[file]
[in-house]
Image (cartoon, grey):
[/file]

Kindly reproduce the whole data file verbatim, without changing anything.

[in-house]
Image (cartoon, grey):